These nurse honorees, as well as the others, are paving the way for the next generation of future nursing professionals — the Emerging Leader award recipients at the event — who are also playing a critical role in raising awareness to this topic of representation and equity.
Melina Lopez, junior nursing student at the University of Pennsylvania School of Nursing, described how attending the school brought out a huge culture shock.
Going to schools all her life where most of the student body were of color meant, as she described, “there was no need to fight for a seat at the table” and there was “no threat to my identity [or] being recognized and respected in a classroom setting.”
“As I became more aware about my position within a PWI [predominantly white institution], I became more involved — not just within the Latinx community — but within the marginalized nursing community, too,” said Lopez.
This eventually led to Lopez joining and later becoming president of the Minorities in Nursing Organization at Penn Nursing.
Susy Suarez, a 2021 graduate of West Chester University School of Nursing and pediatric nursing assistant at Chester County Hospital, said she wants to use her platform as a nurse to help others.
“I’m so excited to get out in the world and start my new career and really help others, motivate others and show, especially the Latino community, that you can do it,” she said.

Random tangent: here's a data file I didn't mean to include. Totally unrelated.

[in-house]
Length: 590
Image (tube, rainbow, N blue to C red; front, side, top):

The generational influence that exists within the nursing field is what drives and helps move the profession forward. As a new generation of patients seek different forms of care, the new generation of nurses become that much more essential.
Dr. Norma Martinez Rogers, professor at the University of Texas Health Science Center and Lifetime Achievement Award recipient at the event, was honored to receive the distinction, but her main focus is on providing the help, guidance and mentorship for the younger generation of nursing professionals to eventually get into the position to earn the same award in the future.
“I do believe we need to share. I can’t sit on a pedestal because I’m one of many and I didn’t get here alone,” she said.
Given the level of help she received along the way of her five-decade-long career, she feels the responsibility to be that source of help for others.
The 2021 AL DÍA Top Nurses event was just a small token and level of recognition for the sheer strength, resilience and compassion that nursing professionals display in the field each and every day. They are true heroes to our community, our region, our nation and throughout the entire world.